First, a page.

Reading program brings critters to northern Wayne
By Aaron Moore
Published in News on July 29, 2012 1:50 AM
PIKEVILLE -- Pikeville Community Center played host to some out-of-town visitors Tuesday, including a snake, a tree frog and a North African hedgehog.
North Carolina Aquariums representatives came to teach children about wildlife for Pikeville and Fremont's final meeting of their summer reading programs. The goal, as always, was to spark children's interest and get them reading.
Though the children already learned about reptiles and amphibians this summer, they said they love any chance to see something creepy or crawly.
"She loves anything to do with animals," said Michelle Singleton, talking about her 7-year-old daughter Anne-Marie.
The children learned why certain animals only come out in the day and others at night. They also had the chance to pet a corn snake and the hedgehog.
"It feels rubbery," one girl said as she stroked the snake's scales.
"One time I saw a snake and I picked it up and it got on my neck and it didn't even squeeze me," one boy said as they learned how corn snakes feed.
"It didn't squeeze you because it knew you were too big to eat," said Rhana Paris, who led the program.
But it was the hedgehog, not the snake, that children had to take care with. When scared, they can curl up in a ball and inflate their spines, which can be very painful, Ms. Paris explained.
Besides just petting animals, the children also learned some new vocabulary.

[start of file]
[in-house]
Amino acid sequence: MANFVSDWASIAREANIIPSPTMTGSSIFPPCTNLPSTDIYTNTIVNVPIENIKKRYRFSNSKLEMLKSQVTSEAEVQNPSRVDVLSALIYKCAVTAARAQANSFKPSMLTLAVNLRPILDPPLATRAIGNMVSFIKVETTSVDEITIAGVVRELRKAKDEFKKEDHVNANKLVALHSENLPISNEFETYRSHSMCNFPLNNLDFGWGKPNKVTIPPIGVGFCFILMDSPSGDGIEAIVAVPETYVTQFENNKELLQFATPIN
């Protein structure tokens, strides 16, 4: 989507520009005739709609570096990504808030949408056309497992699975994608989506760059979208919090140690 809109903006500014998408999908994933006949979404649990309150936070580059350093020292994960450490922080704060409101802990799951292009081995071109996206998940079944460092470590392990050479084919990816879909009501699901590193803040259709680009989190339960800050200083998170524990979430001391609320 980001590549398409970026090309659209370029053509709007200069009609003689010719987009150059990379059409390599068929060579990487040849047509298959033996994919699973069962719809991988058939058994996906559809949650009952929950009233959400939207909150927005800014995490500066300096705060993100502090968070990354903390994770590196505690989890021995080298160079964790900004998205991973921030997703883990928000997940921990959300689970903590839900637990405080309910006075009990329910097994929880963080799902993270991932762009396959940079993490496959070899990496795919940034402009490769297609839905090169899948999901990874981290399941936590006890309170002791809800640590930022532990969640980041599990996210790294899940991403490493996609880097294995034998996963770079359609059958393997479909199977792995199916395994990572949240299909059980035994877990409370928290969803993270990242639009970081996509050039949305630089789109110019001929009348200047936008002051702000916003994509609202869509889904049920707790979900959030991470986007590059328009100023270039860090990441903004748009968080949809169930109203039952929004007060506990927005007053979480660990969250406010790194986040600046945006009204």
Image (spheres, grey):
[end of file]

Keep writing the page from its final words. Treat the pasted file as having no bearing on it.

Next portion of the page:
Nocturnal animals come out at night and diurnal animals during the day, Ms. Paris said. Crepuscular animals are active before sunrise and before sunset, and cathemeral animals sleep in one-hour cycles.
"Like your baby brother or sister," Ms. Paris said.
To explain why humans don't stay up at night, Ms. Paris had one girl wear headphones, sunglasses, a face mask and mittens to show how darkness dulls the senses.
"You can still feel just as well in the dark, but would you stick your hand in a dark place you couldn't see? I wouldn't."
Humans have relatively good eyesight, she said, so sunlight gives them an advantage. But we have "a very lousy nose," which makes it hard for us to find our way in the dark -- and avoid potential predators.
"There are animals that are built for night and animals that are not built for night," Ms. Paris said. "And some animals that are not built for anything."
Animals also come out at different times because they don't want to compete with each other for food, she said.
"If we all went to Hardee's right now and tried to order, do you think they might have problems getting us all fed right away?" she asked. "It's the same with animals. We're competing."
Owls and hawks, squirrels and rats and birds and bats are all examples of animals that come out at different times so they don't compete with each other, Ms. Paris said.
With it being the final meeting, Pikeville and Fremont Library Branch Manager Lisa Stevens named both programs' top readers. Javon Graham read 10 books in 27.5 hours, Sadie Collins read 14 books in 24 hours and Luke Winders read 29 books in 18 hours.
Since the books were all different lengths, the children got Target gift cards based on hours spent reading.